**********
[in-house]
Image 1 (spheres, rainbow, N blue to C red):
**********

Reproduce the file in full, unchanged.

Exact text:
[in-house]
Image 1 (spheres, rainbow, N blue to C red):